Human touch can detect even molecular differences

By PTI Published on Dec 18, 2017 01:33 PM IST

Los Angeles: The human touch is sensitive enough to feel the difference between surfaces that vary by just a single layer of molecules, according to scientists including one of Indian origin.

Humans can easily feel the difference between many everyday surfaces such as glass, metal, wood and plastic. That is because these surfaces have different textures or draw heat away from the finger at different rates.

However, researchers wanted to study if humans could detect the difference if they changed only the topmost layer of molecules. "This is the greatest tactile sensitivity that has ever been shown in humans," said Darren Lipomi, a professor at University of California (UC) San Diego in the US.

"Receptors processing sensations from our skin are phylogenetically the most ancient, but far from being primitive they have had time to evolve extraordinarily subtle strategies for discerning surfaces," said V S Ramachandran, from UC San Diego.

"This study is one of the first to demonstrate the range of sophistication and exquisite sensitivity of tactile sensations. It paves the way, perhaps, for a whole new approach to tactile psychophysics," Ramachandran said.

This fundamental knowledge will be useful for developing electronic skin, prosthetics that can feel, advanced haptic technology for virtual and augmented reality and more, researchers said.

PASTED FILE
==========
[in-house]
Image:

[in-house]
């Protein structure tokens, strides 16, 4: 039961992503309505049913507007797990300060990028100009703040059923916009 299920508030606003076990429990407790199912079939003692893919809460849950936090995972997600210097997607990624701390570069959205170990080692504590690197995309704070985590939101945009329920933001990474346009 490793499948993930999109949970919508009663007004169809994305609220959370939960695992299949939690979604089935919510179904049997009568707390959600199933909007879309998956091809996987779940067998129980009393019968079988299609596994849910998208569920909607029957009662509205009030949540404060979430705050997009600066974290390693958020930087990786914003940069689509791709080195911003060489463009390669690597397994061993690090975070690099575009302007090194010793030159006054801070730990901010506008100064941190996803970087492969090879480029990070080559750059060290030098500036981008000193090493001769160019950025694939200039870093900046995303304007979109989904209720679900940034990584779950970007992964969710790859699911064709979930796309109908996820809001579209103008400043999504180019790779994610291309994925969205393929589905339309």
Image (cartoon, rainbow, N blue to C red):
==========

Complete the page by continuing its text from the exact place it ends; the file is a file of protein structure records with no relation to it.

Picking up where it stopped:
Unsophisticated haptic technologies exist in the form of rumble packs in video game controllers or smartphones that shake, Lipomi said. "But reproducing realistic tactile sensations is difficult because we don't yet fully understand the basic ways in which materials interact with the sense of touch," said Lipomi. In the study published in the journal Materials Horizons, researchers tested whether human subjects could distinguish - by dragging or tapping a finger across the surface - between smooth silicon wafers that differed only in their single topmost layer of molecules. One surface was a single oxidised layer made mostly of oxygen atoms.

The other was a single Teflon-like layer made of fluorine and carbon atoms. Both surfaces looked identical and felt similar enough that some participants could not differentiate between them.

In one test, 15 participants were tasked with feeling three surfaces and identifying the one surface that differed from the other two. Subjects correctly identified the differences 71 per cent of the time. In another test, subjects were given three different strips of silicon wafer, each strip containing a different sequence of 8 patches of oxidised and Teflon-like surfaces. Each sequence represented an 8-digit string of 0s and 1s.

Subjects were asked to "read" these sequences by dragging a finger from one end of the strip to the other and noting which patches in the sequence were the oxidised surfaces and which were the Teflon-like surfaces. In this experiment, 10 out of 11 subjects decoded the bits more than 50 per cent of the time.

Subjects spent an average of 4.5 minutes to decode each letter. "A human may be slower than a nanobit per second in terms of reading digital information, but this experiment shows a potentially neat way to do chemical communications using our sense of touch instead of sight," Lipomi said.